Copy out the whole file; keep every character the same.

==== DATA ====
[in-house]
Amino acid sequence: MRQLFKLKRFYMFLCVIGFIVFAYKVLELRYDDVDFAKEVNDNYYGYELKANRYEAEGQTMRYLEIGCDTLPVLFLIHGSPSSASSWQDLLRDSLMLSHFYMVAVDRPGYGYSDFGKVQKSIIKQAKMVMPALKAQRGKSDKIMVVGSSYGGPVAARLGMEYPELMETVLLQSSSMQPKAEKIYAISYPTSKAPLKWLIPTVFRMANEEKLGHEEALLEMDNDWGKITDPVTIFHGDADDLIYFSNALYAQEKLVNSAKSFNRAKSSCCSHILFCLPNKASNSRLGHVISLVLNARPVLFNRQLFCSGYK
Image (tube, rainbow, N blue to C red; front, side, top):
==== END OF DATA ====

[in-house]
Amino acid sequence: MRQLFKLKRFYMFLCVIGFIVFAYKVLELRYDDVDFAKEVNDNYYGYELKANRYEAEGQTMRYLEIGCDTLPVLFLIHGSPSSASSWQDLLRDSLMLSHFYMVAVDRPGYGYSDFGKVQKSIIKQAKMVMPALKAQRGKSDKIMVVGSSYGGPVAARLGMEYPELMETVLLQSSSMQPKAEKIYAISYPTSKAPLKWLIPTVFRMANEEKLGHEEALLEMDNDWGKITDPVTIFHGDADDLIYFSNALYAQEKLVNSAKSFNRAKSSCCSHILFCLPNKASNSRLGHVISLVLNARPVLFNRQLFCSGYK
Image (tube, rainbow, N blue to C red; front, side, top):